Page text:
Singer estimates that there are some 300,000 child soldiers worldwide, although, as the 2005 Human Security Report notes, this number is over a decade old and has probably decreased somewhat during that time, given that the total number of conflicts has also decreased. Still, it's a problem. Note that it's already illegal to recruit child soldiers; the main problem is that the international community rarely enforces sanctions on countries where child soldiers are used, and doesn't prosecute it as a war crime. You'd think if anything could get people to act, it would be children with AK-47s, but not yet, apparently.

Meanwhile, Moorehead points out that child soldiers exist largely because the global arms trade in light weapons makes it so easy for children to wage war: "You no longer have to be rich enough or strong enough to carry a Kalashnikov: it weighs little more than a small dog and, in parts of Africa at least, costs about the same as a chicken." But there hasn't been much effort to clamp down on that trade, despite calls from Kofin Annan. It's easy to see why. Russia's military-industrial complex is in decline, still has massive excess capacity, and depends (partially) on continued light arms sales to sustain itself; not much interest in regulation there. The American arms industry has never shown much interest in regulating the arms trade either—even in the black market. Not surprisingly, Bush hasn't shown much interest either, but this is one of the major roots of the problem here.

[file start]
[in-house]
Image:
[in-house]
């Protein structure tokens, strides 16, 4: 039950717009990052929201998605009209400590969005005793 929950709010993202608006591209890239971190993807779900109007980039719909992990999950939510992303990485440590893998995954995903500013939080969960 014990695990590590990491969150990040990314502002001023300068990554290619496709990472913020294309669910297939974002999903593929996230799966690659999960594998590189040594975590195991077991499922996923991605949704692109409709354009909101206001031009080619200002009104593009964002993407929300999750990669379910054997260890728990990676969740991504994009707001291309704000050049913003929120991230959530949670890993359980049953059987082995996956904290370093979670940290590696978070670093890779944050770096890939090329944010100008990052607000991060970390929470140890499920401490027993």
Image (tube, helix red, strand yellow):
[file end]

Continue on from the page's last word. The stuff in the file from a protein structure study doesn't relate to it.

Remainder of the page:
The Gray Area of Torture

Thu Nov. 17, 2005 6:25 PM EST